Happy Monday, everyone, it’s publishing news time!
As if the publishing world wasn’t already tough for authors, new books now have to get traction even faster. Indigo Books and Music in Canada is changing its returns policy to re-evaluate a book’s sales after 45 days. Which means, that if your book isn’t selling well in that time, it may be returned. Oh the dreaded pulping. Ouch.
Have an iPad? Want to make it into your primary writing device? Well, Novel Publicity has some tips for you. I’m still waiting for an app that allows me to use Microsoft Word. Even drool-worthy tablets like the Motorola Xoom don’t have Word which is one reason I’m still sticking with my laptop. Because so far, none of those word processing apps have all of the capabilities of a good word processing program. App fail!
Are you on Google+ yet? You can find me here. And if you have a gmail account you no longer need an invite, so why not come on over and start making circles. Don’t know what those are? Overwhelmed yet? (I was) but Robert lee Brewer has some tips for you Google+ing writers.
If you doubt the power of the almighty social media to help market your book, you only need to look at the success of one particular writer, who has used his twitter followers to propel his unfinished book to #1 on Amazon and Barnes and Noble. Of course he managed to get all of those followers from his remarkable debut novel, but still, that’s pretty impressive.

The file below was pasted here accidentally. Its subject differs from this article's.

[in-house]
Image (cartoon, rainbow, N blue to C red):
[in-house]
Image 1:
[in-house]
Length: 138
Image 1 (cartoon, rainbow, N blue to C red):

Agent Rachelle Gardner broaches the subject of why you’re getting all those rejection letters. It’s mostly about volume.
Natalie Whipple discusses why the internet is scaring the heck out of her lately: it’s all about how much honesty she can muster and the repercussions. I discussed similar in a blog post about truth in book reviews and I agree. People can react unpleasantly, and I don’t want any part of it.
One of my favorite Twitter-folk, Lauren Baratz-Logsted, discusses the right way to get blurbs for your book, over at Nathan Bransford’s blog. One tip: mind your manners. You wouldn’t believe how many times people forget that one.
And just how do you create cover art for your book? They talked about it over at Warrior Writers. If you’re doing some jacket art design on your own, please give me a heads up and I’ll link to it here. I love seeing what people do with their covers.
Finally, if you’re new to the world of picture books, Twitter’s Literaticat has an excellent list of things you really need to know.